I hope you had a fun and enjoyable Memorial Day weekend! Kaden and I have so many great vegetables ready for harvest this week. I can't wait for you to see what is in your share!
All types of squash, plus cucumbers are really producing heavily this week! We have been picking every day, trying our best to have them all be uniform and tender. If you receive a crookneck squash as part of your yellow squash, it is the variety, OG Crookneck. This squash dates back to 1588 and were developed by Native People's! They are not as large as many squash, but I think they taste great and are such a connection to the past through food. Lots of leafy greens are on this week, including some beautiful collard greens. The stir fry mix is replaced with the braising greens mix. That will consist of turnip greens, collard greens, and kale. A lot of radishes all were ready at the same time, so we have the soras, rainbows, and French breakfast radish. This is probably the last week for the French breakfast radishes!
We have been debating about adding green tomatoes to the inventory. I would like to harvest all of the first fruit sets off each plant, so that the plants can grow more. Some are just starting to blush, so it shouldn't be long before we have some slicing tomatoes! Bell peppers will be ready to harvest soon, and we will be adding jalapenos, hot peppers, and eggplant very soon!
Summer temps are here, which means we are transitioning to a new variety of vegetables. As of right now, we are a little behind on lettuce plantings (germination issues in our last planting) and we have to maintain enough for our restaurants and stores. We will be able to offer mesclun mix each week, but for a few weeks there will not be any lettuce mix available. It's the time of year were we focus on microgreens as a salad green, so the sunflower and pea shoots will in the inventory if you will want fresh greens to eat raw. This time of year is very challenging to grow leafy greens, especially lettuce. Lettuce can only be harvested between 6-8 AM, and the irrigation must be spot on, in addition to, Kaden and I deploying and removing shade cloth daily. At this time, we have so much on our plate that it's hardly feasible to grow 40 lbs of lettuce every week.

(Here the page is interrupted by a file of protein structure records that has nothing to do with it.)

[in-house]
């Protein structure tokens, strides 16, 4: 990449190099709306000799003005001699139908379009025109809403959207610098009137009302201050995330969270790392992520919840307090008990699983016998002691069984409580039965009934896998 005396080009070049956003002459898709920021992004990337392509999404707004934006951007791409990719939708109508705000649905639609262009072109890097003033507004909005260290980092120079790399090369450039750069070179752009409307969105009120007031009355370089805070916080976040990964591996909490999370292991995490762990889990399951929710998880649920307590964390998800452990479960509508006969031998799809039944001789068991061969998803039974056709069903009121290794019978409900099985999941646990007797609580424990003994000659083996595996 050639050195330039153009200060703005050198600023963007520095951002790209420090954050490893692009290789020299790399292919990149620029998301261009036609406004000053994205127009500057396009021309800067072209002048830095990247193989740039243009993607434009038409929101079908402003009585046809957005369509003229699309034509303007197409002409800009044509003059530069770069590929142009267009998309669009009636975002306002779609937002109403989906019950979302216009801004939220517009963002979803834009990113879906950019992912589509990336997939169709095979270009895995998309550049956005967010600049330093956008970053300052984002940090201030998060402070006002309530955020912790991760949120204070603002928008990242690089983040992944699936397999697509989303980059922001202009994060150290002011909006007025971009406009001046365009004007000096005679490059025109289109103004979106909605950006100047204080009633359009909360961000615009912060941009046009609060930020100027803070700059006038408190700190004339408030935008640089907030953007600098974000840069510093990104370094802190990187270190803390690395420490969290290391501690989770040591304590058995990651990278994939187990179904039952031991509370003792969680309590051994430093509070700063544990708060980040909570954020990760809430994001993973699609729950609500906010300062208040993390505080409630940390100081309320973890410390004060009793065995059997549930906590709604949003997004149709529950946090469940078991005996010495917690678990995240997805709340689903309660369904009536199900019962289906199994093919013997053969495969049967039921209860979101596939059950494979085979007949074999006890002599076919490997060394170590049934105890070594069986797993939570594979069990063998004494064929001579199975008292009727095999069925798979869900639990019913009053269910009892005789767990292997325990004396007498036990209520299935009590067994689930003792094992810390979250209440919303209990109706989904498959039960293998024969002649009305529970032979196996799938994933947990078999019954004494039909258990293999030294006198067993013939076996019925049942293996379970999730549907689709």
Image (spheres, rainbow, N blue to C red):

You are lucky to get any cucumbers, because I have been eating so many of them! I have a vegetable peeler that turns the fruit into "noodles", and cucumber noodles are one of my side dishes. In a bowl, I like to mix a tablespoon of rice wine vinegar and olive oil, salt, pepper, sesame seeds, a LOT of fresh dill, and and a drizzle of honey with the cucumber noodles.
It's less than three weeks before I leave for Washington D.C. on June 19. I will not be back until the 22nd, so Kaden will be running the farm shares by his lonesome. To make that easier on him, I wanted to give you an advanced heads up that the delivery week of June 23rd will be a limited inventory week. You can expect crops like potatoes, squash, collards, microgreens, cucumbers, peppers, eggplant and tomatoes, and all of our root vegetables. There will not be as many leafy greens, or herbs that week.
We need some rain so badly! It's been two weeks and counting since a drop has fallen on our farm. Every year, I look forward to chanterelle season more than any other part of the year. I love being out in the woods with my friends, on the forage for my favorite mushroom. I had really high hopes that we would have a good season. We are 20 or so inches above the average rainfall, but with no rain for three weeks, I think the season could be over before it starts. I have been keeping an eye on the NOAA rainfall totals, and the rain for the past few weeks looks like a horse shoe to the east, west, and south of NELA. I really want to harvest more than 100 lbs this year for us to dehydrate and jar for the farm shares. If the weather changes and we do find some, I will do my best to have fresh mushrooms in the farm shares.
The Strauss Little Theater in Monroe has invited Current Farms to co-host a concert on June 10, featuring the Arkansas singer-songwriter, Dylan Earl! I personally think Dylan Earl is the best underground country musician in the US. Emi and I have been to a lot of his shows in the past few years. He's such a great guy and I am grateful to also call him by BUDDY! After a show in Fayetteville, I was reserved to camp at a beautiful establishment called "Cowpatty's Campground" but Mr. Earl offered me a camp spot next to the tomatoes in his backyard ha! This is his first show in Monroe, and he kindly asked the Strauss Theater if Current Farms could be there with a jam/veggie pop up. Here we are, co-hosting the event! It's going to be a fun time, and Kaden and I would love to see you there!